Prenatal Exposure to Perfluoroalkyl Substances Associated With Increased Susceptibility to Liver Injury in Children

Nikos Stratakis, David Conti, Ran Jin, Katerina Margetaki, Damaskini Valvi, Alexandros P. Siskos, Lea Maitre, Erika Garcia, Nerea Varo, Yinqi Zhao, Theano Roumeliotaki, Marina Vafeiadi, Jose Urquiza, Silvia Fernandez-Barres, Barbara Heude, Xavier Basagana, Maribel Casas, Serena Fossati, Regina Grazuleviciene, Sandra AndrusaityteKaran Uppal, Rosemary Rc McEachan, Eleni Papadopoulou, Oliver Robinson, Line Smastuen Haug, John Wright, Miriam B. Vos, Hector C. Keun, Martine Vrijheid, Kiros T. Berhane, Rob McConnell, Lida Chatzi*

*Corresponding author for this work

Research output: Contribution to journalArticleAcademicpeer-review


Background and Aims Per- and polyfluoroalkyl substances (PFAS) are widespread and persistent pollutants that have been shown to have hepatotoxic effects in animal models. However, human evidence is scarce. We evaluated how prenatal exposure to PFAS associates with established serum biomarkers of liver injury and alterations in serum metabolome in children. Approach and Results We used data from 1,105 mothers and their children (median age, 8.2 years; interquartile range, 6.6-9.1) from the European Human Early-Life Exposome cohort (consisting of six existing population-based birth cohorts in France, Greece, Lithuania, Norway, Spain, and the United Kingdom). We measured concentrations of perfluorooctane sulfonate, perfluorooctanoate, perfluorononanoate, perfluorohexane sulfonate, and perfluoroundecanoate in maternal blood. We assessed concentrations of alanine aminotransferase, aspartate aminotransferase, and gamma-glutamyltransferase in child serum. Using Bayesian kernel machine regression, we found that higher exposure to PFAS during pregnancy was associated with higher liver enzyme levels in children. We also measured child serum metabolomics through a targeted assay and found significant perturbations in amino acid and glycerophospholipid metabolism associated with prenatal PFAS. A latent variable analysis identified a profile of children at high risk of liver injury (odds ratio, 1.56; 95% confidence interval, 1.21-1.92) that was characterized by high prenatal exposure to PFAS and increased serum levels of branched-chain amino acids (valine, leucine, and isoleucine), aromatic amino acids (tryptophan and phenylalanine), and glycerophospholipids (phosphatidylcholine [PC] aa C36:1 and Lyso-PC a C18:1). Conclusions Developmental exposure to PFAS can contribute to pediatric liver injury.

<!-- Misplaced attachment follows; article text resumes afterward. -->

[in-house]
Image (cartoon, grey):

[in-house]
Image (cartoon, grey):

Original languageEnglish
Pages (from-to)1758-1770
Number of pages13
Issue number5
Early online date19 Oct 2020
Publication statusPublished - Nov 2020


  • PFOA

Cite this